Alabama/Auburn was just awesome! This of course is one of the great rivalries in American sports and an especially big deal this year what with 'Bama being 'Bama and Auburn 10-1 (0-9 in the SEC just last year). Auburn needed the Tide to have a few breakdowns to have a shot and they got 'em. Alabama's kicking game was atrocious missing four field goals the last resulting in a 100 yard return for the Auburn win. It's a sad day in Tuscaloosa (another word Yankees can't spell) and it blows the whole championship thing wide open.
Not to nit-pick or anything but Coach Saban made some pretty lame decisions yesterday (e.g. not going for a 30 yard field goal that would have put the Tide up two scores late) but oh boy, so did Michgan's Brady Hoke (he's FROM Ohio you know). After playing Ohio State toe to toe through the first half Big Blue had a tough third quarter with the Buckeyes going up by two touchdowns. But Michigan fought back and had a chance to tie the game with about half a minute to go. BUT NOOOOOOOOOO! With the Wolverines playing in front of a fired up home crowd Coach Genius decides now's the time to go for broke with a two point conversion. So rather than take the point and go into overtime with the momentum, Michigan is now in a position (to paraphrase Woody Hayes) where three things can happen... and two of 'em are bad. So, as one might expect Ohio State stops a Michigan two yard pass (into double coverage) and makes it out alive 42-41. NICE CALL COACH!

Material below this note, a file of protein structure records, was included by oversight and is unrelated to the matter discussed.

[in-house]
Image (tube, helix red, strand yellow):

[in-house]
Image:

In other action Florida State kept rolling along (at least until the arraignment) whipping a despondent Gator squad. Clemson lost again to South Carolina (#5 and counting) and Duke kicked Tar Heel ass in Kenan Stadium in a very exciting game. In my opinion Coach Cutcliffe should be coach of the year.
Let's talk a little Heismann shall we? According to ESPN the top candidates are:
1) Jameis Winston, Florida State.
Not a chance, he's a rapist.
2) Andre Williams, Boston College.
Eh, good back but he padded his numbers by playing the likes of NC State (300+ yards), Army,
New Mexico State and Villanova.
3) A.J. McCarron, Alabama.
Probably my choice but his receivers didn't help him any yesterday.
4) Johnny Manziel, Texas A&M.
He won it last year but this year A&M didn't beat anybody they weren't supposed to beat. Not
5) Jordan Lynch, Northern Illinois.
Forgetaboutit! The school is off the radar. Remember Gordie Lockbaum at Holly Cross in 1988?
6) Ka'Deem Carey, Arizona.
The Wildcats are 7-5 and 4th. in the Pac-12. He can't be THAT good.
7) Derek Carr, Fresno State.
They just lost to San Jose State. The end.
8) Marcus Mariota, Oregon.
Oregon underachieved this year. The Heisman is all about OVER achieving!